Dolmus Do-Si-Do

At first, we were oblivous, plopping ourselves down in any available seat, attempting not to sweat on our seatmates.

Little did we know, sweat is not the issue.  Sweat can be–is–shared freely.  Body odor also comes free of charge.

The issue is gender.  Age runs a close second.

In short, even though we’ve only been here a month and a half, we’re now attuned to the subtleties of who can sit with whom on a crowded mini-bus (called a dolmus; we use these to get everywhere, from village to village, town to town…we used one to bring our vacuum cleaner home; we used one to tote our tv home; we used one to bring mattress-sized pieces of foam home). 

Our clodhopper tourist days of the easy plop down are over.  Now we know.

All power, all respect, all seating hierarchies stem from The Headscarves.  Who knew a rectangle of fabric could hold such power?

Well, maybe Betsy Ross did.

However, our family was oblivious to the hidden dynamics that govern seating on the bus.  Over time, though, we’ve clued in; we watched passengers and the driver rearrange bodies until the cryptic code of seats cracked open for us.

Here’s how it goes:

Grandma In a Headscarf will always get a seat, even if it means the driver turns over his spot and just holds the steering wheel as he runs along side the vehicle.

Middle-aged and young women in headscarves, too, are assured of seats; bonus inches are afforded to those who enter the dolmus dragging a twenty-pound bucket of just-picked tomatoes.

Once The Headscarves all have seats, the hierarchy loosens a bit.  Generally, all women get seats before men do.  In the case of a hunched-over grandpa type, though, a non-Turkish, non-Muslim woman might be expected to stand (such as it is inside a mini-van).  However, when a non-Turkish, non-Muslim woman enters a full bus, the younger men will hop up to offer their seats.

In other words, first to stand are Turkish men under 50.  Next to stand are non-Turkish men who are aware that they should be offering up their seats; the truth is, tourist men usually have no sense that they should be copping to a traditional view of who sits, and so they continue to slump in their seats, backpacks on laps, managing to look pasty and sunburned simultaneously.  Tourists get away with such obliviousness.  Turks do not.  If a Turk fails to follow the code, the dolmus driver or some other older male with a firm manner will reorganize things.  Woe to the dreamy twelve-year-old boy who fails to register the entrance of A Headscarf, who fails to leap from his seat and compress his body into a 6-square-inch cower.  Woe, too, to that same lad if he fails to hop off the bus and help The Headscarf with her twenty pounds of tomatoes or her burlap sack of peppers stowed in the luggage compartment below.  Twelve-year-old boys pretty much have to dance attendance throughout their ride, often switching seats at every stop, from having a personal seat to–at the next stop–sharing a seat with an older man to–at the next stop–sitting on the plastic pink stool that is moved around the bus and lodged into any open space to–at the next stop–sitting up front with the driver to–at the next stop–standing in a hunch on a patch of floor between six older men.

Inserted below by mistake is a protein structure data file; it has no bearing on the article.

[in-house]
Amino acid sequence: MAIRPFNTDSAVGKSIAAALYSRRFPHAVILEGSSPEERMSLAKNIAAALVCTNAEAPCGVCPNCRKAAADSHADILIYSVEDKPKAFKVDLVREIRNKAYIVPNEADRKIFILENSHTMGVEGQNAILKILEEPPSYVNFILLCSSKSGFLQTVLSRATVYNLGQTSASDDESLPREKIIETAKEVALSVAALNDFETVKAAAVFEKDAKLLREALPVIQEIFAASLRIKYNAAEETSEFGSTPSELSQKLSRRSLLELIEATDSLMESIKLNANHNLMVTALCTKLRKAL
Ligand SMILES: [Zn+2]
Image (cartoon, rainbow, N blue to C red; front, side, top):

Pre-adolescent children may sit with The Headscarves, usually on their laps once the bus fills up.  Girls age 9 and under wear pink shirts that announce “Barbie Princess Carefully Sweetheart” and have their pert ponytails cemented to their skulls with no fewer than 6 hair decorations.

The last rule is inviolate, which means Byron and I choose to violate it all the time:  men and women never sit together.  Never.  If they do, I’m pretty sure someone gets indignant or pregnant or something.